Yewande is 50 years old and cares for her son Gbenga who has Down's syndrome.

I first heard the word carer when I had Gbenga. I probably heard it a million times before that but it didn’t resonate with me because I wasn’t one. Gbenga was born with Down’s syndrome.

He’s also got a diagnosis for autism, ADHD and ODD. He has epilepsy and asthma so caring for him takes up most of my time. It’s what I do. It’s my career.

Gbenga requires a lot of supervision and assistance in terms of care. From the minute he’s awake you’ve got to be on the ball. He wears nappies because he’s incontinent.

Getting him ready for school, now that he’s 14, it’s really challenging. He’s non-verbal so he has frustrations at not being able to communicate as well and he’ll show you how he really feels with his stubbornness.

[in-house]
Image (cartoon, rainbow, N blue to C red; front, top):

Fight to make time for me

Anything other than my son I have to fit in. I have to really fight to make time for it. I had a career before, a professional career. I don’t have that anymore but I have all the ambitions. I am an artist and a writer and I’m very creative.

I thank goodness for the tremendous support I’ve received from my local Carers Trust Network Partner. Every time I go in to the office I feel like it’s the closest thing I’ve got to family.

I know people there know me. They’ve heard me crying. They’ve seen me very distraught, overwhelmed. I’ve accessed counselling through them which has been amazing.

Sometimes you can’t think about anything other than the person you’re caring for and you really can feel resentful if you don’t do enough to care for yourself. How can you love someone so much and on the other hand feel resentful to them?

This is the biggest challenge of my life now. It’s actually teaching me to care for myself. It’s a hard knock life but something in it is really beautiful as well.